Remembering the Firestorm
Today is the twentieth anniversary of the Oakland Hills Firestorm. I’d like to take a few minutes to remember its victims. There’s actually a wine connection, which I’ll mention at the end.
Anyone who lived in Oakand or south Berkeley on that fateful day, Oct. 20, 1991, will never forget it. It’s seared into my memory, in a way that not even the Loma Prieta Earthquake, which had struck just two years previously, could match. I think that’s because the earthquake was over before you even knew it; it was only 15 seconds long. The Firestorm, by contrast, lasted for hour after hour after agonizing hour.
I learned about the bias of the big media establishment against West Coast news from that Firestorm. Although the New York-based television stations and eastern newspapers certainly covered it, they gave it short shrift. If a disaster of that magnitude had wiped out 3,000 homes in a densely populated New York or Washington, D.C. neighborhood, killing 25 people including firefighters, it would have been the biggest news story of the year. It would even have been a huge story if it had occurred in San Francisco or Los Angeles. But because it was in the East Bay–”just Oakland”–the national news media played it down.
I was on my way home from the gym that Sunday morning. At 11 a.m., it already was turning out to be one of the hottest, driest days of the year, with intense Diablo winds rushing from inland toward the sea. Such weather isn’t unusual in October. Walking east from Broadway, I smelled smoke, and the sky had a peculiar orange tinge. When I got home, I turned the T.V. on to see what was happening. The local stations had already interrupted programming and commercials and gone into nonstop coverage. I went up on the roof of my building, and that’s where I had my mind blown.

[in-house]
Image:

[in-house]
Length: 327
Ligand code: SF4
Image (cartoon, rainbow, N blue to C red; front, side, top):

The East Bay Hills are just about a mile away, as the crow flies. They dominate the eastern view, rising to about 1,300 feet at their highest, which is a pretty good height considering that most of Oakland is at sea level. Most of the topmost part of the hills is semi-wild parkland, preserved forever as the East Bay Regional Park District, one of the greatest urban wilderness areas in America. But the lower elevations, right down to where the slopes hit the flatlands, were and are densely packed neighborhoods.
I knew the hills well, because I had run their fire trails for many years. So when I stood on my roof and saw a 2-mile wide wall of flame, a hundred feet high, filling the sky with black, roiling smoke, I was terrified. It was clear that a catastrophe of the first order was unfolding, right in the heart of Oakland.
I was glued to the television all afternoon. They reported that a house was being burnt down every 11 seconds! I also packed some things to go, in case I had to evacuate. (I didn’t.) There was a major freeway (the 580) between the fire and my house, but the fire already had jumped two other freeways (the 13 and the 24), and there was no reason it couldn’t leap over another. Not only were the Hills engulfed, but the fire was advancing on three fronts: toward downtown Berkeley, toward the Montclair Village section of Oakland, and, particularly horrifying, it was barreling straight through to Piedmont and Rock Ridge, from where it would easily have taken out my neighborhood, downtown Oakland.
Two months later I wrote an article for the East Bay Express on the fire. I interviewed Oakland firefighters who had battled it. They assured me that they’d had nothing to do with stopping that fire. Nothing at all. In fact, they’d had to retreat four times that afternoon, to save their lives. Miraculously, around 4 p.m. the winds changed, from the offshore Diablos to an onshore pattern. That not only pushed the flames back upon themselves, over areas denuded of fuel that had already burned; but the onshore winds are loaded with moisture from the ocean, and are cool. By evening, when the fire had largely ended, the temperature had gone down by as much as 20 degrees. By that time, about 25,000 firefighters from all over the country had gathered along the fire’s perimeter.
The Oakland Hills Firestorm of 1991 was the worst urban wildfire in the nation’s history, and remains so today. I pay my respects here to the families of the people who died–to the people who lost their homes and pets–and to the brave firefighters who risked all and in some cases paid the ultimate price to save us.
The wine connection was that I heard of a guy who had a big wine cellar. When he realized that his house was going to burn down and he had to get the hell out of there, he threw as many bottles of wine as he could into his swimming pool, hoping the water would protect them. It did–but it also peeled off all the labels!